The problem (6a)-(6f) falls into a class of optimiza-tion problems, referred to as minimum unsatisfied relations(Min-UR), which are known to be NP-hard [23]. Althoughlinear systems with equality or inequality constraints can besolved in polynomial time, using an adequate linear program-ming method, least mean squared methods are not appropriatefor infeasible systems when the objective is to maximizesatisfied relations [23].

With this in mind, we propose a two-stage solution thatsolves (6a)-(6e) in polynomial time, as illustrated in Fig. 2.The scheduling at μW band is considered first in order toreliably schedule as many UAs as possible with small requiredloads over the μW band. The motivation for serving UAs firstat μW band is due to the fact that transmissions at μW fre-quencies are robust against blockage. Unlike μW frequencies,mmW communication is highly susceptible to blockage and,thus, scheduling UAs only at the mmW band can potentiallycause outage for delay-intolerant UAs. To this end, a hierarchyscheme is proposed based on the UAs’ QoS class, CSI,

and the required loads. Moreover, the UAs selection andscheduling are jointly done at SBS using an iterative algorithm.Then, for the remaining UAs that were not scheduled at theμW band, we propose a joint UA selection criterion andscheduling algorithm that introduces a hierarchy to the UAs,based on the context information, and maximizes the numberof satisfied UAs.

III. CONTEXT-AWARE UA SELECTION AND RESOURCE

ALLOCATION AT μW BAND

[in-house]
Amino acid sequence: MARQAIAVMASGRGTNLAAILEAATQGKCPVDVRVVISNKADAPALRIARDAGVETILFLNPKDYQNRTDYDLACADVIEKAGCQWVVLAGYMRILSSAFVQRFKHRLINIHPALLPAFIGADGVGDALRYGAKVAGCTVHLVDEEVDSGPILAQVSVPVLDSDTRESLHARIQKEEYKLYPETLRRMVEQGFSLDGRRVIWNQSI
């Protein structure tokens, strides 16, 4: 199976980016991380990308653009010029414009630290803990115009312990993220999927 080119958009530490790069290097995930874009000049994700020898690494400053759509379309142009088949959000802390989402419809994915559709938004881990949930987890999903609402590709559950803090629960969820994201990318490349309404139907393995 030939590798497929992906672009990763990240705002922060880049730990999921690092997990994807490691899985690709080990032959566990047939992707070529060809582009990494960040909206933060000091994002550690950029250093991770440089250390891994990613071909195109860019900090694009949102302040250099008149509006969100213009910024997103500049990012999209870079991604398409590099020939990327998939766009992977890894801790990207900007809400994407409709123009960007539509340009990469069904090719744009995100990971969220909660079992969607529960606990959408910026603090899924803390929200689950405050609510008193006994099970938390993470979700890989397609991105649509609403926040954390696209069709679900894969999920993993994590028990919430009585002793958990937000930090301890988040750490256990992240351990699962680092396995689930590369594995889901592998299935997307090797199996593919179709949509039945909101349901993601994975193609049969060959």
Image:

Before scheduling at mmW band, the goal of the scheduleris to first find an allocation x∗t at each slot t over μW bandthat satisfies

argmaxx∗t

λt,1(x∗t ), (7a)

s.t. (6b), (6d). (7b)

The downlink scheduling problem in (7a)-(7b) is an incon-sistent combinatorial problem of matching users to resourceswhich does not admit a closed-form solution and has anexponential complexity [24]. Hence, the solution of (7a)-(7b)depends on which UAs are chosen to be scheduled at μWband, i.e., the set Gt,1. To this end, we introduce a hierarchy forUA selection by grouping the different UAs into the followingsets:

G(1)t,1 = {a ∈ A j | j = t, breqa (t) > 0}, (8)

G(2)t,1 = {a ∈ A j | j > t, breqa (t) > 0}. (9)

In fact, the UAs in G(1)t,1 have higher priority than G(2)t,1 , sincethey must be served during the current time slot, otherwise,they will experience an outage. In addition, for UAs of thesame set, the UA that satisfies the following has the highestpriority:

a∗ = argmina

breqa (t)

∑k∈K1

Ra(k, t), (10)

where (10) selects UA a∗ that minimizes the ratio of therequired load to the achievable rate. To ensure that theconstraints set for the selected UAs a ∈ Gt,1 is feasible, i.e.λt,1(x) = |Gt,1|, the UA selection has to be done jointly whilesolving (7a)-(7b). Following, we propose a framework thatsolves (7a)-(7b) for a given Gt,1.

A. Scheduling as a Matching Game: Preliminaries

For a selected set of UAs at μW band, Gt,1, we proposea novel resource allocation scheme at μW band based onmatching theory, a mathematical framework that providespolynomial time solutions for complex combinatorial problemssuch as the one in (7a)-(7b) [25]–[28]. A matching gameis defined as a two-sided assignment problem between twodisjoint sets of players in which the players of each set areinterested to be matched to the players of the other set,according to preference relations. At each time slot t of ourscheduling problem, K1 and Gt,1 are the two sets of players.A preference relation � is defined as a complete, reflexive,and transitive binary relation between the elements of a given